Reasonable Doubt: Citizenship fraud, “residency evils”, and the fear tactics of Jason Kenney
Recently, Citizenship and Immigration Minister Jason Kenney announced that the federal government has identified some 3,100 Canadian citizens who may have obtained their citizenship through “residency fraud”. In other words, the government suspects these citizens lied about living in Canada and intends to investigate these alleged fraudsters to potentially revoke their citizenship.
To qualify for citizenship, an individual must have been physically present in Canada for at least three of the four years prior to applying for Canadian citizenship. Minister Kenney stated that in some cases, immigrants pay representatives to help them fake residency in Canada. The minister even provided an anecdote of a Montreal consultant who created a fake address and post box for his clients that contained nothing behind the door but a brick wall.
Many Canadians are outraged that foreigners are scamming their way into Canada, and that these immigration representatives are making a quick buck by selling out our country. Minister Kenney said he wants to amend the Citizenship Act to require all immigration representatives to be members of a regulatory body.
For once, Minister Kenney enjoyed popular support for his stance.
Unfortunately, boosting Kenney’s popularity is about the only use this news release has served. The press about these alleged fraudsters is overstating a relatively small problem and vilifying immigration consultants.
According to Minister Kenney, nearly 160,000 permanent residents become Canadian citizens each year—legitimately. The government states it has identified approximately 3,100 people who may have obtained their citizenship by lying about their residency. These investigations are ongoing. In fact, the government has only started revoking the citizenship of 600 identified fraudsters.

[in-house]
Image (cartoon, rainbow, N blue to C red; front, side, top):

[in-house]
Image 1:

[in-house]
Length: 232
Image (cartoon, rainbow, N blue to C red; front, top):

Assuming, for argument’s sake, that all 3,100 identified individuals have committed residency fraud—in the same year—this accounts for less than two percent of new citizens.
It is also not clear how many of these 3,100 citizens are suspected of purposefully lying about their residency as opposed to how many have misunderstood an arguably vague law. While the requirement to be physically present in Canada for at least three of the last four years seems clear cut enough, there is no clear definition of “residence” for citizenship purposes. What if a person regularly travels abroad for work? What about participating in a student exchange in another country? What if a person has to spend several months with an ailing parent in a hospice overseas?
Immigration law has developed on a case-by-case basis to allow exceptions to the physical presence requirement of residency for exceptional circumstances, but these circumstances are not clearly set out and there is little certainty for applicants, immigration representatives, or even immigration officials themselves. On review of several inconsistent Federal Court decisions respecting citizenship and residency issues, Madam Justice Reed stated that gaining citizenship “was akin to a lottery”.
Minister Kenney suggests the Citizenship Act needs to be amended to require immigration consultants to be members of a regulated body. This sounds reasonable, but most immigration consultants already are members of a regulated body—a regulated body that the minister himself created last year. In order to receive payment for representing a person in an immigration matter, or offering immigration advice, a representative must be a member of a law society or the Immigration Consultants of Canada Regulatory Counsel. It is unclear how this amendment to the Citizenship Act would further “cut down” on fraudulent consultants when the proposed amendment is already largely in place and apparently in Kenney’s view, ineffective.
Before we leap to pat Kenney on the back for a job well done, let’s look at the facts: very few new citizens are obtaining their citizenship by fraudulent means; the laws respecting residency for citizenship purposes are not clear; and immigration consultants, for the most part, are already regulated.
Fortunately for Canada, there may not be as many immigration fraudsters as Kenney would like to make it seem. Unfortunately for Canada, we have an immigration minister who uses fear tactics to distract us from the very real issues and concerns at play in the Citizenship and Immigration office.
Carmen Hamilton is an immigration and civil litigation lawyer in Vancouver. Reasonable Doubt appears on Straight.com on Fridays. You can send your questions for the column to its writers at email@example.com.
A word of caution: Don’t take this column as personal legal advice, because it’s not. It is intended for general information and entertainment purposes only.